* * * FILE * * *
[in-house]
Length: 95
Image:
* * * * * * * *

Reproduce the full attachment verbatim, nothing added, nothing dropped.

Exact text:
[in-house]
Length: 95
Image: